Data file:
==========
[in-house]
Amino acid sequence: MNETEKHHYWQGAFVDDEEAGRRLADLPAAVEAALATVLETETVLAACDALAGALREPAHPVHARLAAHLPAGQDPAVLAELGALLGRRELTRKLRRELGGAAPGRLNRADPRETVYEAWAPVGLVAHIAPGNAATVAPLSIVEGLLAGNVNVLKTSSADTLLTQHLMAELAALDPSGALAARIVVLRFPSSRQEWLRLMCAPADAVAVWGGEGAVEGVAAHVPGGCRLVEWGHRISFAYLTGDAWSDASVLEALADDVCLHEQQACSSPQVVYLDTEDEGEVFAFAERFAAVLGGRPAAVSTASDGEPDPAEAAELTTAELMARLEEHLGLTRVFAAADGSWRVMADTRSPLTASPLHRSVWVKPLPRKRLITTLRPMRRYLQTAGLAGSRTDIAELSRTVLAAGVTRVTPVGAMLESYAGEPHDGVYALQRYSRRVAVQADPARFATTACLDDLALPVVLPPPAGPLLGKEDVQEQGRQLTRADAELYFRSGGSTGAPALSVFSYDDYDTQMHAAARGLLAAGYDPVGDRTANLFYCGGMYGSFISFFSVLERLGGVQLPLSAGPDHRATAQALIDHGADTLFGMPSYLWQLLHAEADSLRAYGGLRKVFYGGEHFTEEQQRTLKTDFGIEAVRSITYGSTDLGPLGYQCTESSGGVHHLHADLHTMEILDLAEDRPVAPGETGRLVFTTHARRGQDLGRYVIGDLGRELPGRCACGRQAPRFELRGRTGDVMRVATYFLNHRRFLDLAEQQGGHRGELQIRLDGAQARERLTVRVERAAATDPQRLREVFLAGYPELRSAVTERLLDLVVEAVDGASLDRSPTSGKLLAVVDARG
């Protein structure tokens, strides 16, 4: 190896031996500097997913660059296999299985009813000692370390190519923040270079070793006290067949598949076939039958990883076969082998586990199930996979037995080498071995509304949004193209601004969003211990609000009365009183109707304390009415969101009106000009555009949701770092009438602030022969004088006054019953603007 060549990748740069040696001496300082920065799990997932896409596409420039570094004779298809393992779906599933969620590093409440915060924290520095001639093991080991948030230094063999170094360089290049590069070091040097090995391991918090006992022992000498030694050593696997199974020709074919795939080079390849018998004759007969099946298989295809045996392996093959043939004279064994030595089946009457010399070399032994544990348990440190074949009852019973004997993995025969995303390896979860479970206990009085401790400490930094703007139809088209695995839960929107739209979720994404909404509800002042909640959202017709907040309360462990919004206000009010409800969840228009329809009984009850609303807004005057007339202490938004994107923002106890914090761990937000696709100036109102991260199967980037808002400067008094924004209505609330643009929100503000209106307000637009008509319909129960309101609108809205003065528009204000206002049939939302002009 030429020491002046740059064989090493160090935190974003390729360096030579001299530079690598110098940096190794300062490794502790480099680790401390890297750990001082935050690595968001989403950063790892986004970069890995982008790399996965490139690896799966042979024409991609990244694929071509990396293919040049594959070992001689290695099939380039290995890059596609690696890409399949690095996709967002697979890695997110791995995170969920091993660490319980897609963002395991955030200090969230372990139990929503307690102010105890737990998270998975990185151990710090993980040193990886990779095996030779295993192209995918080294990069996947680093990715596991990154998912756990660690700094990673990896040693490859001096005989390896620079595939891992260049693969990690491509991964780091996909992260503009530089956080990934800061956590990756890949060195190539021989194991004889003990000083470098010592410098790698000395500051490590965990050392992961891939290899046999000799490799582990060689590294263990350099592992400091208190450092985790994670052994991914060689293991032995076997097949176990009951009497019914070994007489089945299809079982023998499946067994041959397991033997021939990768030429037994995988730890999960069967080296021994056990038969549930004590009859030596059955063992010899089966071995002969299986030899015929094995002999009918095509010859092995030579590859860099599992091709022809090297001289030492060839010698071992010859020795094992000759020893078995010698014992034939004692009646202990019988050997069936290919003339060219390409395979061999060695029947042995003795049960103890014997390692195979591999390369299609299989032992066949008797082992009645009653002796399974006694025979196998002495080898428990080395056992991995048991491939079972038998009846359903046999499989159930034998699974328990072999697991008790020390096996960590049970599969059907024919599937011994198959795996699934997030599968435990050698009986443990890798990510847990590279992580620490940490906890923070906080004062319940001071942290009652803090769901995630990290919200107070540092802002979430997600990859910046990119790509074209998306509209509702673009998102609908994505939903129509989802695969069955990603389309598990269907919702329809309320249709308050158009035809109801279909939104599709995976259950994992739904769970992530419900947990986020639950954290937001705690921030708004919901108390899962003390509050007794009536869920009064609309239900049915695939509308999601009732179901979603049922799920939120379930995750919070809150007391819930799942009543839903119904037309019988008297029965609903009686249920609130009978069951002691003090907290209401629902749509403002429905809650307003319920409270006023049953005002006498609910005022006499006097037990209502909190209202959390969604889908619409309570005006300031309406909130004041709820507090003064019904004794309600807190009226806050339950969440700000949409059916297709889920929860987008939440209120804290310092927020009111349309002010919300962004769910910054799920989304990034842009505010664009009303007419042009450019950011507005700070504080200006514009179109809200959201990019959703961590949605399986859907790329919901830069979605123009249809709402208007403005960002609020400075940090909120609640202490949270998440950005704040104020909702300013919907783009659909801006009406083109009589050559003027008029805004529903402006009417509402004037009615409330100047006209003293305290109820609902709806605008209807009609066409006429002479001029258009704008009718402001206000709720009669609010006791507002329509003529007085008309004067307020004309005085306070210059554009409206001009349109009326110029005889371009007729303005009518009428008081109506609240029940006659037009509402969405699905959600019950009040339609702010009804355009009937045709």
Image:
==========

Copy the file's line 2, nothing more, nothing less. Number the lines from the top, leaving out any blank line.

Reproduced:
Amino acid sequence: MNETEKHHYWQGAFVDDEEAGRRLADLPAAVEAALATVLETETVLAACDALAGALREPAHPVHARLAAHLPAGQDPAVLAELGALLGRRELTRKLRRELGGAAPGRLNRADPRETVYEAWAPVGLVAHIAPGNAATVAPLSIVEGLLAGNVNVLKTSSADTLLTQHLMAELAALDPSGALAARIVVLRFPSSRQEWLRLMCAPADAVAVWGGEGAVEGVAAHVPGGCRLVEWGHRISFAYLTGDAWSDASVLEALADDVCLHEQQACSSPQVVYLDTEDEGEVFAFAERFAAVLGGRPAAVSTASDGEPDPAEAAELTTAELMARLEEHLGLTRVFAAADGSWRVMADTRSPLTASPLHRSVWVKPLPRKRLITTLRPMRRYLQTAGLAGSRTDIAELSRTVLAAGVTRVTPVGAMLESYAGEPHDGVYALQRYSRRVAVQADPARFATTACLDDLALPVVLPPPAGPLLGKEDVQEQGRQLTRADAELYFRSGGSTGAPALSVFSYDDYDTQMHAAARGLLAAGYDPVGDRTANLFYCGGMYGSFISFFSVLERLGGVQLPLSAGPDHRATAQALIDHGADTLFGMPSYLWQLLHAEADSLRAYGGLRKVFYGGEHFTEEQQRTLKTDFGIEAVRSITYGSTDLGPLGYQCTESSGGVHHLHADLHTMEILDLAEDRPVAPGETGRLVFTTHARRGQDLGRYVIGDLGRELPGRCACGRQAPRFELRGRTGDVMRVATYFLNHRRFLDLAEQQGGHRGELQIRLDGAQARERLTVRVERAAATDPQRLREVFLAGYPELRSAVTERLLDLVVEAVDGASLDRSPTSGKLLAVVDARG